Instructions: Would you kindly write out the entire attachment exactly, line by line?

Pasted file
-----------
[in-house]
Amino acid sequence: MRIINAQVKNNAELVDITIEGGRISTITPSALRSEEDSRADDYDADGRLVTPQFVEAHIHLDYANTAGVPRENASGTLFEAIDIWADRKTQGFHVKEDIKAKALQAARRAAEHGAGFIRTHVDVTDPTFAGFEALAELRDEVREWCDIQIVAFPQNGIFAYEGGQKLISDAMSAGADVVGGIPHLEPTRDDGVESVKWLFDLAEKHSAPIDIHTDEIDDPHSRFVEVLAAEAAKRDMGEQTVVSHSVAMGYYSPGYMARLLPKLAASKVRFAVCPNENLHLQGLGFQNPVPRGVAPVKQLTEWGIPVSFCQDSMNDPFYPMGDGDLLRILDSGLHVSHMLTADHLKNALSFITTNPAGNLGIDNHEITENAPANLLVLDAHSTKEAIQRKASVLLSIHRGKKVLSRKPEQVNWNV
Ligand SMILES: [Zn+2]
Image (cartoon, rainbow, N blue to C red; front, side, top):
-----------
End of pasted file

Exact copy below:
[in-house]
Amino acid sequence: MRIINAQVKNNAELVDITIEGGRISTITPSALRSEEDSRADDYDADGRLVTPQFVEAHIHLDYANTAGVPRENASGTLFEAIDIWADRKTQGFHVKEDIKAKALQAARRAAEHGAGFIRTHVDVTDPTFAGFEALAELRDEVREWCDIQIVAFPQNGIFAYEGGQKLISDAMSAGADVVGGIPHLEPTRDDGVESVKWLFDLAEKHSAPIDIHTDEIDDPHSRFVEVLAAEAAKRDMGEQTVVSHSVAMGYYSPGYMARLLPKLAASKVRFAVCPNENLHLQGLGFQNPVPRGVAPVKQLTEWGIPVSFCQDSMNDPFYPMGDGDLLRILDSGLHVSHMLTADHLKNALSFITTNPAGNLGIDNHEITENAPANLLVLDAHSTKEAIQRKASVLLSIHRGKKVLSRKPEQVNWNV
Ligand SMILES: [Zn+2]
Image (cartoon, rainbow, N blue to C red; front, side, top):